Banana allergy

Banana allergy does exist, but it mainly causes problems among individuals allergic to ragweed due to cross-reactivity. The number of people allergic to ragweed is increasing every year.

What is cross-reactivity?

Cross-reactivity refers to the similarity between certain pollens and certain foods, either pollen-pollen or pollen-food. Cross-reactivity means that certain substances can mimic or substitute for other substances, resulting in the appearance of allergic symptoms.

When can banana allergy occur?

Banana allergy can occur primarily in individuals who are sensitive or allergic to latex, leading to cross-reactions.

Common pollen-food cross-reactivities include:

  • Birch: peanut, walnut, almond, apple, cherry, apricot, pear, plum, sour cherry, peach, potato
  • Ragweed: watermelon, cantaloupe, tomato, cucumber
  • Mugwort: cumin, bell pepper, tomato, carrot, parsley, potato, coriander, dill, chamomile, sunflower, melon, cucumber, mango, nutmeg, black pepper, mustard seed, basil, marjoram, oregano, celery
  • Grasses: tomato, rye, wheat, soy, peanut, bean, pea
  • Peanut: walnut
  • Tree nuts: wheat, rye, poppy seed, peanut, sesame seed
  • Latex: chestnut, banana, spinach, avocado, lemon, orange, grapefruit, kiwi, pineapple, mango

What symptoms can banana allergy or allergies in general cause?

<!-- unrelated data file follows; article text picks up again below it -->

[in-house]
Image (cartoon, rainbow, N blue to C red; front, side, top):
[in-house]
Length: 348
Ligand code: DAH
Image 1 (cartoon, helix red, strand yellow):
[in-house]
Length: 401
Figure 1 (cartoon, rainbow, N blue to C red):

Pollen allergy typically manifests with symptoms such as sneezing, runny nose, watery eyes, itching eyes, scratchy throat, and in severe cases, asthmatic symptoms. On the other hand, in the case of cross-reactivity, the allergic response first occurs in the oral cavity after consuming the triggering food.

The characteristic symptoms include:

  • Unpleasant itching sensation in the oral cavity
  • Lip swelling
  • Tongue swelling
  • Throat swelling
  • Abdominal cramps

Cross-reactivity occurs in 5-10% of allergic individuals, with birch pollen allergy sufferers being particularly prone to it. In their case, pollen-food cross-reactions are much more common, with a prevalence of around 30%. Apart from respiratory symptoms that last only a few weeks, birch pollen often triggers cross-reactivity, causing symptoms of oral allergy syndrome throughout the year and causing distress to the patient.

How can banana allergy be diagnosed?

According to some data, banana can trigger migraine attacks in sensitive individuals. The scientific literature on this topic is scarce, so individuals suffering from migraines should rely on their own experiences and the recommendations of their healthcare provider.

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